Never-before-seen footage of the Titanic nearly 12,500 feet below the ocean released

Over a century after the Titanic sank in the North Atlantic Ocean, the Woods Hole Oceanographic Institution released never-before-seen footage on Wednesday of what was at one point the largest ship in the world. 

The haunting video was captured in 1986, when the WHOI made 11 dives nearly 12,500 feet below the ocean’s surface to explore the wreckage. 

Alvin, a three-person submersible, was used to take humans down to the wreck for the first time, while a remotely operated vehicle dubbed Jason Jr. was used to go inside the sunken ship.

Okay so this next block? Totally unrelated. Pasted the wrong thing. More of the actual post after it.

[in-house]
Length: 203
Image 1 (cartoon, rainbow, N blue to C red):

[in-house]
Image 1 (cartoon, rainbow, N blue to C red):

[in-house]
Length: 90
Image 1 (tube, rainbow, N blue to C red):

“Like many, I was transfixed when Alvin and Jason Jr. ventured down to and inside the wreck,” James Cameron, who directed the blockbuster film, Titanic, and has explored oceans himself, said in a statement on Wednesday. 

“By releasing this footage, WHOI is helping tell an important part of a story that spans generations and circles the globe.”

The Titanic sank on April 15, 1912, after hitting an iceberg on its maiden voyage from England to New York City.